McCarthy, who has clashed with Republicans while testifying on Capitol Hill, may be seen as more battle-ready than Perciasepe. She also would help Obama restore diversity among his top environmental and energy advisers. Perciasepe is widely acknowledged as having a keen intellect for complicated environmental issues and genial relations across political parties.
5. Tom Kuhn
The president of the Edison Electric Institute is almost by default a leading member of a fluid list of business and industry leaders who could influence the administration’s climate agenda. Some key corporate leaders active in the climate debate during Obama’s first term — including former Exelon CEO John Rowe, Duke Energy CEO Jim Rogers and NextEra Energy Executive Chairman Lew Hay — have either retired or will by the end of the year. “There is a need to identify some new names,” Rowe told POLITICO.
Meanwhile, Tom Kuhn has been a steady presence for decades at EEI, where he was elected president in 1990.
EEI is the largest trade association for investor-owned electric utilities and was the only major industry group to back cap and trade. That might have earned a lot of credit with the administration as EEI looks to shape EPA rules.
But Kuhn is also hamstrung by his organization’s diverse membership. He needs to please companies that are still heavy users of coal — and hence most at risk from EPA rules — along with those that have transitioned to natural gas or nuclear energy.
Hay could still be a friendlier business voice for Obama, although he’s planning to retire at the end of the year and will be replaced by NV Energy CEO Michael Yackira in June.
Rogers, who is leaving Duke by year’s end, has cemented such solid relations with the Obama camp that he’s sparked rumors of a potential dark-horse pick for Energy secretary. He was co-chairman of the Democratic National Convention’s host committee in Charlotte, N.C., and Duke was one of the most enthusiastic industry backers of cap and trade. It’s a major donor behind Obama’s new political outfit Organizing for Action.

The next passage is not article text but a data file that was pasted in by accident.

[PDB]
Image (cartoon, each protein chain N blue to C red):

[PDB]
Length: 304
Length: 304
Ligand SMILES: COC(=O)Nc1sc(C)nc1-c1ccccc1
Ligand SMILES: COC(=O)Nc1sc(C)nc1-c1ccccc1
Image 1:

Another possible corporate voice is GE CEO Jeffrey Immelt, who served on the U.S. Climate Action Partnership in the cap-and-trade debate and headed Obama’s now-defunct jobs council. But the belief of some circles is that Immelt is not interested in being in the mix again.
Other CEOs to watch: NRG Energy’s David Crane and Andrew Liveris of Dow Chemical. Another executive, Shell Oil President Marvin Odum, was a leading oil industry participant in climate discussions during Obama’s first term and will look to keep solid relations with the administration as the company continues trying to drill off Alaska.
6. Frances Beinecke
The president of the Natural Resources Defense Council could be a key saleswoman for Obama’s policies as well as a crucial player in the environmental community’s efforts to influence the administration.
“She is the herder of the green groups on climate change,” one environmentalist said.
Frances Beinecke said she met with Obama at least three times during his first term, including her role on his Gulf of Mexico oil spill commission, as well as with chiefs of staff Emanuel, Pete Rouse and Jack Lew. She and her team also have bent the ear of Zichal, Jackson and Council on Environmental Quality Chairwoman Nancy Sutley.
Another notable green is League of Conservation Voters President Gene Karpinski, whose group had a stellar record in helping elect allies to Congress in November. He and Beinecke might be among the few environmentalists who can score a private audience with the White House.
Another key potential negotiator is Environmental Defense Fund President Fred Krupp, respected as a moderate voice who tries to broach deals with Republicans and industry.
Browner and Center for American Progress Chairman John Podesta were unquestionably players on climate change and clean energy during Obama’s first term and might be again in his second.